Helmets will not loosen up in a few hours or even a few days and not even in a few weeks. Please disregard any information you read that says wearing your helmet around your house for a few hours will break the helmet in, so it is comfortable. Most helmets will loosen up over months of constant use or several months of infrequent use.
How To Fit a Helmet – Measuring
The best way to fit a helmet is to be able to try it on. If you are buying online, and do not have that option then Plan B would be to get a tape measure to calculate the circumference of your head. But be aware that humans have many different shaped heads and that although a tape measure may produce the same numerical measurement on different riders’ heads, they may not all fit properly in the same size helmet.
Additionally, shapes and sizing are very by manufacturer, which is another good reason to try helmet on person before purchasing it. You should measure the circumference of your head from about 1 inch above the eyebrows going straight back to the rear part of your head. It is best to take multiple measurements or even have someone else take the measurements for you and again do it several times until you produce the same number consistently.
How To Fit a Helmet – Review of General Tips
The helmet should not go on too easily, it needs to be snug and comfortable when it is seated on your head. But it is preferable that it is a little bit of a squeeze to get it on as the neck role and comfort padding should be quite tight at the opening of the helmet.
The cheek pads should be firmly pressed against your cheeks. The simple, low-tech, effortless way to check this is to see if you can chew gum with your helmet on. If so, it is too loose. It is important that the cheek pads fit very snugly because they are what keep the helmet in the proper position and help keep the helmet from rotating while riding or in the event of a crash.
In no instance should it be possible to remove the helmet if the chin strap is properly secured. If you can pull the helmet off with the chin strap secured, then the helmet is too large and is not safe.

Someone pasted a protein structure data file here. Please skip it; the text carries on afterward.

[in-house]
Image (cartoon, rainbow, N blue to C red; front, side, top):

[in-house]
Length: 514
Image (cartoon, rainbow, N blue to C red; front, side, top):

It is always better to try a helmet on, in person, and to buy one online. You already purchased a specific model and brand, and you want another one buying online can define once you are familiar with the shape of your head and the way particular manufacturers helmets fit but for first-time purchase is difficult to properly fit a helmet by just measuring your head and then purchasing sight unseen online.
Different helmet brands fit in diverse ways and is quite possible that the same size in different helmet brands will fit your head quite differently so it is impossible to say you are a certain size because that may be only correct for specific brands or even models.
The helmet should fit as snuggly as possible without causing discomfort or pain. Over time you will feel quite comfortable with the added security of a well-fitting helmet. In fact, if you ever put on a loose-fitting helmet, it will feel very strange and awkward.
Your helmet should not be able to move around on your head even if you shake it. It should not slide around and never tilt back or come down over your forehead or move side to side. This is the single most important safety factor when wearing a new helmet.
A helmet that is too loose can come off your head. Even with the chin strap rigidly attached a loose-fitting helmet that is too loose can come off in what is called “roll off”. If the helmet is loose can move around so much that it can block your vision while you are riding.
How To Fit a Helmet If You Wear Glasses?
Many modern motorcycle helmets have comfort padding designed to accommodate eyeglasses and sunglasses. To be sure about the fit try on your glasses with the helmet before you purchase them.
MICHAEL’S SUMMARY & CONCLUSION
There is a myriad of factors that a motorcyclist must take into consideration when choosing which full-face motorcycle helmet, they will purchase.
- Safety Standards
- Shell Style
- Peripheral vision
- Face shield mechanism and optics
- Paint and Graphics
- Brand identity
- Secure fit.
While all these things are important. Nothing is more important than to have a helmet with a secure fit. If a helmet rolls off in the event of an accident. It does not matter what standards it meets, or any other factor. They all become quite irrelevant. A secure fit with a Double D style retention system is the single most important safety aspect you should be concerned about.
Information for this article was partially sourced and researched from the following authoritative Government, educational and nonprofit organizations:
About the author:
Michael Parrotte started his career in the motorcycle industry by importing AGV Helmets into the North American market. He was then appointed the Vice President of AGV Helmets America, total he worked with AGV Helmets for 25 years. In addition, he functioned as a consultant for KBC Helmets, Vemar Helmets, Suomy Helmets, Marushin Helmets, KYT Helmets, and Sparx Helmets.
In 1985 he is the founded AGV Sports Group in cooperation with AGV Helmets